College Health Leaders Are Fighting COVID-19, Student Vaccine Hesitancy and Burnout

After a year and a half of living and working in the shadow of a pandemic, one thing I’ve completely given up on is the belief that higher education institutions are places where learning occurs at a higher global level. This pandemic has taught me that we must fight to maintain the integrity of the academy and be prepared to demonstrate the value we bring to communities.

Many college health centers act as a safety net for students who do not have adequate health insurance, especially at historically black colleges and universities. The Prairie View A&M University Health Center plays that role, and leading it during the pandemic has been challenging. Although some experts originally thought the pandemic would be the major equalizer in health care delivery and outcomes, it soon became apparent that the crisis had exacerbated stark disparities. However, students from all walks of life, socioeconomic levels, and academic majors were more similar in terms of the need for face-to-face engagement and more mental health care.

It is more important than ever to stop and connect frequently with my team of healthcare professionals. I appreciate their tireless efforts. Working on campus health care in a political climate that doesn’t always embrace public health guidelines has made our jobs more difficult. Students received signals from the larger community that mitigation strategies are not necessary without taking into account the increased risks they face. While we encourage our students to be curious and analytical thinkers, we were not quite ready to address their deteriorating confidence in the guidance provided. For example, some students relied more on their own internet searches than on expert advice, leading to increased hesitation about vaccines. As healthcare practitioners, science has guided our business. However, during the pandemic, even institutions of higher education have found themselves challenged to reassert people’s faith in the data driven by research.

Now, I find myself talking about emergency preparedness differently than I did before the pandemic. Although pandemics have always been a threat to our safety, the global impact of this pandemic has changed the way we should plan, prepare, and transform. The response during this crisis has been very labor intensive and taxed our workforce. So far, anticipating the next pandemic has not been part of our strategic plan, but moving forward, it should be as much a priority as preparing for a natural disaster or other emergency. Many institutions felt that they weathered the storm well, but the true testimony of our efforts has yet to materialize. Therefore, it will be necessary to prevent the loss of institutional knowledge gained during the pandemic. The great uncertainty highlights the importance of staying smart in care delivery, and adopting an innovative and forward-thinking model as our best tool in preparing for the next health crisis. As a college health leader, this means that I may have to set up extended public health services for the long term without additional staff or financial resources.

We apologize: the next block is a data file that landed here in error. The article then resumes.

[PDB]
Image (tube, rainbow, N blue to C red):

The pandemic has demonstrated that student experiences and student services—and the people who provide them—must be fully recognized as vital components in the success of any higher education institution. While many colleges have focused on offering distance courses, students have been unable to realize almost the entire student experience. Unfortunately, the burden of providing frontline response during the pandemic has fallen disproportionately on staff, with many being asked to return to the office while faculty have been allowed to work remotely. Additionally, employees have seen their workloads increase significantly with the addition of COVID response services. This operating model is unsustainable in light of the importance now attached to mental well-being and work-life balance. Staff burnout cannot be forgotten or ignored.

Overall, the challenges for education as we navigate the new reality of an environment desperately wanting to forget COVID-19 are complex and manifold. First, students yearn to connect and interact with one another in a face-to-face environment in a similar way as it was before COVID, and many struggle to embrace a new reality. It’s complicated by the parents of those same students who expect an almost arduous concierge-level effort to mitigate COVID when students stay on campus. Second, the end of government support for COVID mitigation efforts will affect the availability of many services and strategies due to budget constraints and competing spending priorities. The current social media environment allows for the impression of diminished capabilities formulated in unrealistic expectations to become a crisis of public perception for any university campus. Third, the inability to recruit additional healthcare staff complicates our ability to provide services to underserved populations. Finally, employees should be given a period of rest commensurate with the time and effort expended during the pandemic.

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